You are not going to see a more heartbreaking video than the one shot on a smartphone in front of the Khal Adas Greenville yeshiva on one of this month’s rare sunny mornings. Just days before, just a few feet away from the yeshiva in Jersey City, two shooters transformed a neighborhood kosher grocery into the scene of a massacre, killing three people inside before dying themselves in a shootout with police. On that day last week, some 50 kids were cowering in the yeshiva, listening to the sounds of a gun battle.
On this sunny morning, however, the kids are seen spilling out of a school bus, while their teachers gather on the sidewalk, clapping and singing a song in praise of Hashem, the one true God. The kids wear black kippot, dangling payot — and enormous smiles. They join hands with their black-robed elders for an impromptu simcha dance on the sidewalk. Forget the cop car they had to squeeze past as they stepped from the bus; forget for a moment whatever memories they have or will long retain of last week’s carnage. For a few joyfully defiant seconds on Martin Luther King Drive, their teachers gave them an infusion of the kind of happiness that chasidic Jews insist is essential in their service of God.
Go find the video on Twitter or YouTube; it might help you close whatever distance you might be feeling between yourself and the fervently Orthodox Jews apparently targeted in last week’s attack. I am making an assumption, I know, or at least a confession: I suspect that for the majority of American Jews who are not Orthodox, chasidic Jews feel like distant relatives, both family and Other. Or rather, both sides feel that way. One side is insular by design, designated by distinct dress, institutions, and language. The other embraces acculturation and believes to various degrees in the synthesis of tradition and modernity, change and continuity.
This distance was on display in the days after the shooting, when legions of Satmar chasidim gathered at a Brooklyn synagogue and thronged the streets outside for the funeral for shooting victim Moshe Deutsch, 24. Meanwhile, a service of solidarity was held at a Reform synagogue in Jersey City that same day, with some 250 people in the pews and clergy of various faiths on the bima, but no charedi Jews among them.
This kind of cultural and religious gap may be hard to explain to “outsiders” — we have a hard enough time understanding it ourselves. On the one hand, we are all Jews, bound by history, by destiny, by family, by faith — sometimes all of these things and sometimes one or none. (That expansive definition of Jewishness was the backdrop for a brief communal conniption last week over reports that President Donald Trump, for the purposes of protecting Jewish kids on campus under Title VI, would declare that Judaism is a “nationality.” His order did no such thing, but tried to clarify how a group that itself hasn’t agreed whether it is a religion, a race, or a nation is nevertheless protected under civil rights law.) Jews often talk about themselves as a distinct “people” for whom belief in God or adherence to the mitzvot is (usually) irrelevant to membership.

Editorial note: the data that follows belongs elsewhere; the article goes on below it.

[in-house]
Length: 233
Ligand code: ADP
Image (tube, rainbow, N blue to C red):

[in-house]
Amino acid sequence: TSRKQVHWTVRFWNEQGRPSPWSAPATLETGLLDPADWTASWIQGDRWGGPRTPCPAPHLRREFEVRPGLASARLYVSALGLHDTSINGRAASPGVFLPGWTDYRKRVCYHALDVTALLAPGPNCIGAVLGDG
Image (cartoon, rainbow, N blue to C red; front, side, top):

That’s a powerfully binding notion: Because we are not merely a religion, we are forced to deal with each other — and care for each other and defend each other — no matter what we do and don’t believe. The idea of peoplehood has fostered a sense of solidarity that has survived persecution, genocide, assimilation, and radically different versions of what it means to be a Jew. To borrow a term from farming, we are a polyculture, made stronger and more resistant due to our diversity.
It can also be a powerfully divisive notion. We are split along religious, political, and dietary lines. We joke, bitterly, about our inability to pray together. We suffer especially from the narcissism of small differences: the people who are otherwise most like us are the very people who piss us off the most. And it is not just a matter of asking, Why can’t we all just get along? Take gender roles: One group is committed to separation and distinction; the other is no less committed to egalitarianism. We can try to respect one another, but functionally are unable to close so wide a gap.
Worse, we often don’t respect each other: charedi Jews when they use coercion as a means to realize their religious vision, or refuse to engage constructively with the majority, and non-charedi Jews when they fail to appreciate the ways the “black hats” are contributing to the Jewish future or are particularly vulnerable to anti-Semitism.
Even the old tried and true — anti-Semitism — exposes these gaps. While there is no disagreement that anti-Semitism is a clear and resurgent danger, there are bitter fights over who is to blame. Even before authorities identified the Jersey City shooters and their possible motives, the commentariat began pointing fingers, trying to implicate their ideological opposites. The victims were all but ignored.
That’s obscene. Jews were killed because they were Jews. Like in Pittsburgh, like in Poway. If for any reason you didn’t see a connection among these desecrations, you need to ask yourself why. Was it the politics or race of the perpetrators? Or the identity of the victims? Family solidarity means we focus first on the unfathomable loss of the innocents, the pain of their loved ones, the fear and resilience in the communities they represent, and the deep wound inflicted on the entire Jewish family.
Need help? Watch that video. Take in those smiles. This is a moment for solidarity, not “hot takes.”
Andrew Silow-Carroll is the editor of The New York Jewish Week, NJJN’s sister publication. He served as NJJN editor for 13 years.